Monthly Archives: February 2012

Real Enough?

We are in the early planning stages of a new Radar Chaos game, based on the Hawaiian Islands.  While the current version is designed to assist beginners by offering a collection of newbie mazes, the Hawaii edition will be more a simulation than a game.

There are many, many things that must exist in a radar game before it can be regarded as a simulation.  The list has no end.  And no matter what you add, there will always be emails from users who want more.  If you add enough realism, the game becomes unplayable for many, due to complexity.  Finding this balance has been our primary struggle since creating our first simulation four years ago. 

There are many features that we could add to Radar Chaos.  Many have asked for hand offs, frequency assignments and visual approaches.  While some of these features make it feel a little more ‘real’, they don’t build on the core challenge and fun aspect of the game.  For example, in order to properly give a ‘hand off’, one must simply remember to do it.  In order to properly give a frequency assignment, one must memorize frequencies.  Giving a visual approach does not add to a game’s challenge either, as it is designed to relieve controller workload and reduce flying miles.

Is it even possible to develop a  realistic air traffic control simulation for the home computer?  Can you fit the most complex job in the world onto one screen?  There are a couple of organizations that have taken radar realism farther than all others.  However, the instructions are quite daunting for most people and, like the real world of air traffic control, it gets really boring at times.  Our goal is to make games that capture what is truly stressful about the job, without a lot of instructions.  In Airport Madness for example, players of all ages can manage a complex traffic situation just by a few mouse clicks.  Is it like the real thing?  Well, not exactly, but probably more fun!

This week Microsoft will launch their newest flight simulation, called ‘Flight’.  While they have removed the word ‘simulator’ from the name, they insist that it is more than just a game.   They have realized that their market could be larger by making the concept a little more ‘mainstream’.  They don’t just want the aviation junkies anymore.  They want everybody.  While their software has always included worldwide scenery and 30 different aircraft types, Microsoft has figured out that most users aren’t interested in flying a Boeing 777 from Mumbai to London.  The majority of players only fly the Cessna, never venturing too far from their home airport.  Like us, they have figured out who their target audience must be.  Let the hardcore flight simulation enthusiasts go and buy X-Plane.  Most flight enthusiasts will likely use Microsoft Flight because of it’s simplicity.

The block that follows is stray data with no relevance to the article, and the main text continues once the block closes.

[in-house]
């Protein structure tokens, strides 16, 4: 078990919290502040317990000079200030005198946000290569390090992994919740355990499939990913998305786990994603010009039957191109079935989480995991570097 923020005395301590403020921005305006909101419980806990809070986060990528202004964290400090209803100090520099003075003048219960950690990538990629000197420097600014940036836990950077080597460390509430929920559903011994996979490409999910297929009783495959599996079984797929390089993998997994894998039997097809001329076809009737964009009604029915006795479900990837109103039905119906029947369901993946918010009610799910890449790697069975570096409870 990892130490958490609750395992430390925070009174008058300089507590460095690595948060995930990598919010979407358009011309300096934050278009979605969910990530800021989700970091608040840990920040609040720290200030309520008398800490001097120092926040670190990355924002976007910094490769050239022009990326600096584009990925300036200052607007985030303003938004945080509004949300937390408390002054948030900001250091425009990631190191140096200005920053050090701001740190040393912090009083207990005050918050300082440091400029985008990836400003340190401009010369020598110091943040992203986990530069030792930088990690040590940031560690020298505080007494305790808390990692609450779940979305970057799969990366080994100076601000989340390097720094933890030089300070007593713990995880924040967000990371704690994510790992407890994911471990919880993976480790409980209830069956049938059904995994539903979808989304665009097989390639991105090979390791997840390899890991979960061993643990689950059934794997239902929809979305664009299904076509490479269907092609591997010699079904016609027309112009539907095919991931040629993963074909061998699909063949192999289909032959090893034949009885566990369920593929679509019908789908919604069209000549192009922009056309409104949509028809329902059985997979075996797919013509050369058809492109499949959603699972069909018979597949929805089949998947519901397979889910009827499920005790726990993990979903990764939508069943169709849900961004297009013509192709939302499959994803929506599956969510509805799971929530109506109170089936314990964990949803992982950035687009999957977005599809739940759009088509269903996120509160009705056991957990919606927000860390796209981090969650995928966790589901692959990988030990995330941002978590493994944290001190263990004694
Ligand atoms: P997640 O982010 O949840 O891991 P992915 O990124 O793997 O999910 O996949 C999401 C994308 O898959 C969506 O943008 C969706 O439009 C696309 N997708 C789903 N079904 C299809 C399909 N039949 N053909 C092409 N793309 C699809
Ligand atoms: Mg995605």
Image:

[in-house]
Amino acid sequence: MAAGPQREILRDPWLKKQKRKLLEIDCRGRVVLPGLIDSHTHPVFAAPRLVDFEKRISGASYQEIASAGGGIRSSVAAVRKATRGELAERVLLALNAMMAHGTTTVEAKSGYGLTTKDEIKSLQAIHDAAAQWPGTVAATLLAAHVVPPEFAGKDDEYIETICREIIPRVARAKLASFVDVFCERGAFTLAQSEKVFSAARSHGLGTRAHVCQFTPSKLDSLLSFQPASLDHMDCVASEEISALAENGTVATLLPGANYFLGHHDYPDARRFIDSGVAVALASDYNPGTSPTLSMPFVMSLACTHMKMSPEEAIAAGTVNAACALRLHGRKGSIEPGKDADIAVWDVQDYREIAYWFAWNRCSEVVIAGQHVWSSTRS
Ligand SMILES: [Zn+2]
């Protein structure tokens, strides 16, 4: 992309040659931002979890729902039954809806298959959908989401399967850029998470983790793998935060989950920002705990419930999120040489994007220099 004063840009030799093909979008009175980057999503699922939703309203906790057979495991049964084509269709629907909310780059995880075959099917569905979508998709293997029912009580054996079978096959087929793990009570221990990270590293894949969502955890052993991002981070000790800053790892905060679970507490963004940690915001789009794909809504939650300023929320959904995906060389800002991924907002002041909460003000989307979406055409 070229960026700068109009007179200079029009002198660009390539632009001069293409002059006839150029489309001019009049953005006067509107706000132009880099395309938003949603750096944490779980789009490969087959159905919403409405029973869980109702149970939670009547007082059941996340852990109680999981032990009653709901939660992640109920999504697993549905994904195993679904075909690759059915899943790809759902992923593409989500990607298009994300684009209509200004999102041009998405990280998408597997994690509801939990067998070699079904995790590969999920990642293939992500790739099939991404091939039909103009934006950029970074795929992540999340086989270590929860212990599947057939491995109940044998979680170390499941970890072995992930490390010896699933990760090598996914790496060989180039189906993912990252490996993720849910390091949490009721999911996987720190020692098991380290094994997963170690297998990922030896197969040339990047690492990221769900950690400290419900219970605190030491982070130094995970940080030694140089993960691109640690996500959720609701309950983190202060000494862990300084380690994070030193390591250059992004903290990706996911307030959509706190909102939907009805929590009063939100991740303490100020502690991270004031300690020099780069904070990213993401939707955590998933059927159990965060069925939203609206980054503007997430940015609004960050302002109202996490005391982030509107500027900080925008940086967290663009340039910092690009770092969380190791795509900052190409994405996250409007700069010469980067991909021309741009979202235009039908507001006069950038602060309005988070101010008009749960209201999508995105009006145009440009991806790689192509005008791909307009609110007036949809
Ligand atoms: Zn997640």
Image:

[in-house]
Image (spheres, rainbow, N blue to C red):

Like Radar Chaos, Microsoft Flight will also be based on the Hawaiian Islands.  This is a great idea.  Why not specialize one one particular area and do it well, instead of giving users a thousand choices?   Our Radar Chaos pipeline will likely bring a new location, such as San Francisco, in 2013.  Each edition will evolve and improve upon the previous.

Website Gets New Look

Since its inception four years ago, Big Fat Simulations has maintained the same website graphics, which consisted of a banking Boeing 737 against an orange sunset.  In 2008 we were busy creating our first game, The Simulator.  The website needed to be created quickly.  We found a beautiful image on, sliced it up and uploaded it to the server.  Presto!  A website in just 5 minutes.

An overhaul has been long overdue.  This week we gave the website a new look, which summarizes the spirit of our games.  We’ve got the serious-looking control tower on the left, and the Boeing 747 clumsily taxiing through the web page at the top.  A huge thank you to our artist, Sarah Radford, for her creativity and skill.

In addition to this new background image, we will be gradually overhauling the entire site, including a reorganization of our product line.  In our early days, a simple table on the home page containing all of our games was sufficient.  By the end of 2012 we will have enough products to demand categorization.  The likely categories will be Airport Madness Series, Radar Chaos Series, and More Games.

Upcoming Games

We have just released update 1.14 for Airport Madness 4.  Those who have purchased this game can update directly from the main game page.  We have also published a free version of Airport Madness 4 on facebook as well as our website (the facebook version is a bit smaller, due to the space constraints of facebook, but the site version is a full 1024×768.  Airport Madness 4 has moved over 15 million airplanes to date, and we plan to unlock content in the free version as we achieve certain milestones.

Okay, here is an exhaustive list of everything we have in the pipeline for you this year.  Please be sure to buy each and every one of these 🙂  Well, at least give the free versions a try. 

We are planning an update for Airport Madness 3 in March, fixing framerate performance issues, as well as difficulties users are reporting with the ability to click on aircraft. In April we plan to add an additional ‘Easter’ level to Airport Madness 4 (free and full versions).  Look for similar updates at Halloween and Christmas!  In May we are planning an update to our iOS Airport Madness, adding airports and features.  In June there will be a major update to Radar Chaos, as well as an ‘enroute’ version of Radar Chaos.  The enroute version will be more simulation than game. 

There is a great deal of work here at Big Fat Simulations that will keep us busy indefinitely.  We are already in the planning stages of the next Airport Madness, due next Christmas, and it should be a great deal of fun.

Stay tuned!